I quickly made some changes she and I both agreed would further streamline the audition — and then it was immediately time to use the audition. The first candidate arrived, and my coach and I briefly interviewed her — after this, I launched the candidate into the audition, and then debriefed the interview with my coach. She and I both liked the candidate, who answered the questions well — yet we still had some question as to whether she could actually do the job. The audition gave us the answer — she only scored 2.4. Next candidate, please.

A few days later, the second candidate arrived — just as with the first, my coach and I briefly interviewed her, and there was a noticeable amount of energy and connection among the group during our conversation, not present in the first interview. I set the candidate off on the audition, then once again debriefed the interview with my coach — we both LOVED this woman's personality, background, desired hours (part-time), and skills. Still, the real question was — what would the audition show? She earned a score of 4.4, and performed all the assigned tasks, and then did some things I'd neither asked nor considered asking. The audition worked perfectly! A job offer was extended and accepted, and she's now my new "right hand."


I recently completed the outstanding book, Decisive: How to Make Better Choices in Life and Work, by Chip Heath and Dan Heath. In Chapter 7, they describe an "ooch" as a small experiment designed to test one's hypothesis. A few pages later, they share a story about a guy interviewed by one of the Heath brothers for a graphic designer position. While this candidate did not interview especially well, the work samples he submitted were outstanding — the work samples were his "ooch" so he ended up getting the job and becoming a strong contributor. The analogy the brothers make is this ...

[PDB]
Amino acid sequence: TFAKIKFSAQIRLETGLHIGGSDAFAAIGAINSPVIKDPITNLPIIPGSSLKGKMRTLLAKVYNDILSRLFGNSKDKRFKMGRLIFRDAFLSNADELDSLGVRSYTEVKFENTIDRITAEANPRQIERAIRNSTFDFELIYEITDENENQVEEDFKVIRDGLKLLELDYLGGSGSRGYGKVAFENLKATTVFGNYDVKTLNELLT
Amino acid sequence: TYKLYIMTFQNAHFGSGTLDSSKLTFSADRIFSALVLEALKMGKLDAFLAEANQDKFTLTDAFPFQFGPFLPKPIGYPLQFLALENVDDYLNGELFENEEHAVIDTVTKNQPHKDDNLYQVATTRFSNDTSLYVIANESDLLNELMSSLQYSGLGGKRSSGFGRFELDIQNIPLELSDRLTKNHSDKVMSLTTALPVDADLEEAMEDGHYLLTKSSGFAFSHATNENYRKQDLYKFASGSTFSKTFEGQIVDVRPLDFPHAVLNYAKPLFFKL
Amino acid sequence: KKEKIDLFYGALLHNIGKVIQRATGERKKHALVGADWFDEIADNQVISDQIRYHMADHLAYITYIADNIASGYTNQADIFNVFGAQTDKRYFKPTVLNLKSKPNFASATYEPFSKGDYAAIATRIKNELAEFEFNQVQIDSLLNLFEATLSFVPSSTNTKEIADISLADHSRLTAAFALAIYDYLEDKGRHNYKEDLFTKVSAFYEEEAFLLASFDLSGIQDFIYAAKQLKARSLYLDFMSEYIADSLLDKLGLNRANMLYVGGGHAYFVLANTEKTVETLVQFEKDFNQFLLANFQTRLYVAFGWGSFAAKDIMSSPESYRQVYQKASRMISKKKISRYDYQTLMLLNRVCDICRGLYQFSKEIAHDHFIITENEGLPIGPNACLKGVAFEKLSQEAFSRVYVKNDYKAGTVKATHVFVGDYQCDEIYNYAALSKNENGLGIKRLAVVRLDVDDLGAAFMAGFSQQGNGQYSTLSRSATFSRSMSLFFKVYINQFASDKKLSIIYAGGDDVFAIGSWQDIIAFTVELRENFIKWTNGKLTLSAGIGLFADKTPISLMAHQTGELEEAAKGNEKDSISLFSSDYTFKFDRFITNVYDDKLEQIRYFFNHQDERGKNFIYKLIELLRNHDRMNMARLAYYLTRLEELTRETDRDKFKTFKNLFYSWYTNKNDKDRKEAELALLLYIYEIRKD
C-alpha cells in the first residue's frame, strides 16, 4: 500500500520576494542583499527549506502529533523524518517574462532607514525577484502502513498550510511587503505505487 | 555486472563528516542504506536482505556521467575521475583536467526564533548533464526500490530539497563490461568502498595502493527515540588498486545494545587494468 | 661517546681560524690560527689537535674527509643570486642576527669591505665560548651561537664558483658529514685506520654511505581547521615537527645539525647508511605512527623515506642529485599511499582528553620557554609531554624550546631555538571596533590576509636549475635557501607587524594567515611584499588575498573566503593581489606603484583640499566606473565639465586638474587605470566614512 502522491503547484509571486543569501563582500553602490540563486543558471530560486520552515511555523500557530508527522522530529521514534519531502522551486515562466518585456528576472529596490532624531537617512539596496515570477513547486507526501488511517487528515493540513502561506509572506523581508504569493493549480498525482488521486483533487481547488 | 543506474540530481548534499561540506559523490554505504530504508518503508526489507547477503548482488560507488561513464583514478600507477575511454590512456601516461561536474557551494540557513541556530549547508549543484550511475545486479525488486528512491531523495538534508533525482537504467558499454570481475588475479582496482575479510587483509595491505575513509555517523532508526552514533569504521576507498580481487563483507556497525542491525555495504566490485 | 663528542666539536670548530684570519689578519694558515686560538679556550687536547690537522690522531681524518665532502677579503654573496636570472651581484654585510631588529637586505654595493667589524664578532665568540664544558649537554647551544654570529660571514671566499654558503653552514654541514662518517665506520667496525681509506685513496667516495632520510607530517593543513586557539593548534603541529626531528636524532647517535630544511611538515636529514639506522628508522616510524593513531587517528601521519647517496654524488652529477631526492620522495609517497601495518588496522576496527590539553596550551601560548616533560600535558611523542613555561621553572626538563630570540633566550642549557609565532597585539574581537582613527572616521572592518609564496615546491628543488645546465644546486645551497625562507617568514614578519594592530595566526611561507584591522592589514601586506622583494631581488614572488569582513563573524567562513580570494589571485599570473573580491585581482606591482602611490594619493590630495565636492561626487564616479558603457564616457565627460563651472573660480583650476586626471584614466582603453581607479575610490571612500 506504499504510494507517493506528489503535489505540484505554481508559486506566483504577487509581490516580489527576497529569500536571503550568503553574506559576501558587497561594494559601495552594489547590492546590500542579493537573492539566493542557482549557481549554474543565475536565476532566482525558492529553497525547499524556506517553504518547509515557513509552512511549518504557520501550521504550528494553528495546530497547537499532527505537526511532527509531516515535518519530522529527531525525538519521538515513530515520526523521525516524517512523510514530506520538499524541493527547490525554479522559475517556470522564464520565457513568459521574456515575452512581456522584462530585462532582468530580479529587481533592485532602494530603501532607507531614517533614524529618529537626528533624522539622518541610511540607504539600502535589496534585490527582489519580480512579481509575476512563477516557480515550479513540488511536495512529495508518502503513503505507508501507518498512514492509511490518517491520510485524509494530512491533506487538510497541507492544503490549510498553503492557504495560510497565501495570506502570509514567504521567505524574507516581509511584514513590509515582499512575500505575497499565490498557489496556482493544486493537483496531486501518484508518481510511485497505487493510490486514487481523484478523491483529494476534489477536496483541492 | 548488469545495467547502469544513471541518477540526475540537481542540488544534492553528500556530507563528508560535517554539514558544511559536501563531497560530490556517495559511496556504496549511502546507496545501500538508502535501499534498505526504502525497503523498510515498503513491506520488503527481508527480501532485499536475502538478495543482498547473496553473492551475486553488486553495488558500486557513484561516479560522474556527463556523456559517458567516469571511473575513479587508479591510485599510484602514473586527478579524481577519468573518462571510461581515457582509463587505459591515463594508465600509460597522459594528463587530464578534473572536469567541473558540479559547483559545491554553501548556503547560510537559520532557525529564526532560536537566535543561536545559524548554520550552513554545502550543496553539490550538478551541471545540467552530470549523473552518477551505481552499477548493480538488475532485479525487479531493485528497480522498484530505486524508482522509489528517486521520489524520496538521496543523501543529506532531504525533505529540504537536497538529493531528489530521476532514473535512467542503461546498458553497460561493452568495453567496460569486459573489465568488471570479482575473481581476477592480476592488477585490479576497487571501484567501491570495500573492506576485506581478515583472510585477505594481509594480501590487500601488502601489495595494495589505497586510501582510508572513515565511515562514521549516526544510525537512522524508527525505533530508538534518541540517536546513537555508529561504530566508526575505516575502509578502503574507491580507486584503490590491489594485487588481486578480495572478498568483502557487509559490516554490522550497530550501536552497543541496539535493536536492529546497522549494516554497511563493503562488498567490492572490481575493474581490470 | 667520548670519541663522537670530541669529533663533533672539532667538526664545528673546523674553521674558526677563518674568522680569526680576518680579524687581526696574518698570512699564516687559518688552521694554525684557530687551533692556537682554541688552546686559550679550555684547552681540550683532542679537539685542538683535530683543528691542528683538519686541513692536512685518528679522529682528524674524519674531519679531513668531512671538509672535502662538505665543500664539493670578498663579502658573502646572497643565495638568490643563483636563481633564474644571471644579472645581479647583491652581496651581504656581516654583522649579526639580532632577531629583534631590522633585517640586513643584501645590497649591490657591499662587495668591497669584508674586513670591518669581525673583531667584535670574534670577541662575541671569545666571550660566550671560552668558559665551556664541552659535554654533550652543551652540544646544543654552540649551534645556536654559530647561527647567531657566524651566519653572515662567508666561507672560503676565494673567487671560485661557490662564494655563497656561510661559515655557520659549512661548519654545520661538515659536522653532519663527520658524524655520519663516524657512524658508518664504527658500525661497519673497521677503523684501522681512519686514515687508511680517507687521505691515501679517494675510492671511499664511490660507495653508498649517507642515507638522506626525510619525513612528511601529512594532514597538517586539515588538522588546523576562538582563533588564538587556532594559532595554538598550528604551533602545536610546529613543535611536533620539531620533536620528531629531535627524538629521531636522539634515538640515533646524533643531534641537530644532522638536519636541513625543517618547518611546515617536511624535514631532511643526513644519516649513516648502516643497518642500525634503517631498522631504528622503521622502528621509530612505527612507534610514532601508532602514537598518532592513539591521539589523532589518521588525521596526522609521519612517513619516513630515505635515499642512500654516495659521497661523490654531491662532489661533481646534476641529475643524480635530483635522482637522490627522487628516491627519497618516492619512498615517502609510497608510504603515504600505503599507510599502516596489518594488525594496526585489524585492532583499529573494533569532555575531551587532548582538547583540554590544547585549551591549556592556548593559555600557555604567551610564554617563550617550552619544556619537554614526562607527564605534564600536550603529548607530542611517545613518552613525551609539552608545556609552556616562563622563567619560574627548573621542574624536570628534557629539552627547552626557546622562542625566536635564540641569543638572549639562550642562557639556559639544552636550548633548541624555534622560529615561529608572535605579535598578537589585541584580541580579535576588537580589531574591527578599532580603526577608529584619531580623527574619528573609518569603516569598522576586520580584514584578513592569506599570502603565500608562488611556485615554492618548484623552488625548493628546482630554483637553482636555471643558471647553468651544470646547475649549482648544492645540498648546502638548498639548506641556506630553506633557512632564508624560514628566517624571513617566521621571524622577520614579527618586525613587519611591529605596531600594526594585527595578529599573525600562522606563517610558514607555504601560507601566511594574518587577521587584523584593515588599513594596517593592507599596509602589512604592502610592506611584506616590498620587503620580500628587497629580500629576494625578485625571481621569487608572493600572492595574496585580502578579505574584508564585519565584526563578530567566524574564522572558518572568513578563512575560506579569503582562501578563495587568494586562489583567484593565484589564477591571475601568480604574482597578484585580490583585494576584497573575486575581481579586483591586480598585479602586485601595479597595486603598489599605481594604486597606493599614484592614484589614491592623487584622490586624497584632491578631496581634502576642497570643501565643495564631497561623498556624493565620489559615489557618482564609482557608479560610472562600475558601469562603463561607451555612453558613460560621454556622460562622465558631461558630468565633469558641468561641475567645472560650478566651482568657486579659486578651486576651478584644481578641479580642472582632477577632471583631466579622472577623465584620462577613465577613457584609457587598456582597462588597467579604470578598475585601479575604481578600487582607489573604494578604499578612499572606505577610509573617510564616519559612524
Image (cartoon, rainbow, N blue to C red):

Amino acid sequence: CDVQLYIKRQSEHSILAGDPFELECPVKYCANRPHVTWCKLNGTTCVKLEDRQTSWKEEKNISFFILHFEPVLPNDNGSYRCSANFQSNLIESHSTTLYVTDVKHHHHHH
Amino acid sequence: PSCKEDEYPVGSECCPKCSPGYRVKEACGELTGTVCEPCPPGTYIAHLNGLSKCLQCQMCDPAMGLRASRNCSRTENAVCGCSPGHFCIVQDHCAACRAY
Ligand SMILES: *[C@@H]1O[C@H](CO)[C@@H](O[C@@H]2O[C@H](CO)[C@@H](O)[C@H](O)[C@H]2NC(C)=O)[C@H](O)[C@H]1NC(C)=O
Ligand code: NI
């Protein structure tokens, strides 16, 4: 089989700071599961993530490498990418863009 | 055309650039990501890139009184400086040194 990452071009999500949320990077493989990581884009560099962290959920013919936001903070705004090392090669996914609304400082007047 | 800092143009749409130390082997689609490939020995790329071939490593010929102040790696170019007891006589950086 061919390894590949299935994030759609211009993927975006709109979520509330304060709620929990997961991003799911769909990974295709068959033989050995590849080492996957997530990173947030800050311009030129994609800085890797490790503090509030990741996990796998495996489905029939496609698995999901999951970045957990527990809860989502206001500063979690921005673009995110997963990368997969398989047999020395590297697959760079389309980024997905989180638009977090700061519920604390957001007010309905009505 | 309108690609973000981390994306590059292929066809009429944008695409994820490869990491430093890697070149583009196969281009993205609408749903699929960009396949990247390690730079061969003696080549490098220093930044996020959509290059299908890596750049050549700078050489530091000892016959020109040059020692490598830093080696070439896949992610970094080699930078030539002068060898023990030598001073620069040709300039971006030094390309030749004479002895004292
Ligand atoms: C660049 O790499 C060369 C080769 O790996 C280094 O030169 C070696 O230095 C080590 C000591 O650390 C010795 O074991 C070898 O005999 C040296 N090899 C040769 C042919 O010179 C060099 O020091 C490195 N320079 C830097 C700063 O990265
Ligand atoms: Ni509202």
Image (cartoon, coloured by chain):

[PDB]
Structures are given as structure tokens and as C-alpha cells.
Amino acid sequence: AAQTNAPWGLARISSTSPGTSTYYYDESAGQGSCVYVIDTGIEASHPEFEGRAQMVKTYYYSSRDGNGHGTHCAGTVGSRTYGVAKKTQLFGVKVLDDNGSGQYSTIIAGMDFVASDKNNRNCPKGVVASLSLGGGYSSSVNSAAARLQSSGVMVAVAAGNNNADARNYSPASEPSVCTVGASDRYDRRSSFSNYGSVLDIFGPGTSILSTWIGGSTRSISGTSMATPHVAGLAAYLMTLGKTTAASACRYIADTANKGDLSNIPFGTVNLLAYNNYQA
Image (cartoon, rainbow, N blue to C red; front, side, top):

" ... imagine if the U.S. Olympic track coach used two tests in selecting the men who'd run on the 4x100 relay team. Test 1: Get the man on the track to see how fast he runs. And test 2: Meet him in a conference room and see if he answers questions like a fast runner would. Note that in most of Corporate America, our hiring process looks more like test 2 than test 1. Let's all slap our foreheads in unison." (page 149)

Yes, why didn't I think of that myself sooner when trying to fill my EA slot?

We're ALWAYS Auditioning

In reflecting further, I came to realize we not only audition to get a job — we continue to audition to keep the job. After all, what's a Performance Plan other than a audition script, culminating in a Performance Review to assess how well you handled the audition?

This applies not only to our job in the workplace — it carries over to roles in our personal lives, too. Those roles might be spouse, parent, friend, and school and community volunteer.

So whether it's called an "audition" or not, just keep this in mind — we're always auditioning for ALL our jobs or roles, by working to become the person we want to be!


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Todd L. Herman